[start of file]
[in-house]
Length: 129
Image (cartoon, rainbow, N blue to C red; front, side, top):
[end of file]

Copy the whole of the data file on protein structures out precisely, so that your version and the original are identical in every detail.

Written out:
[in-house]
Length: 129
Image (cartoon, rainbow, N blue to C red; front, side, top):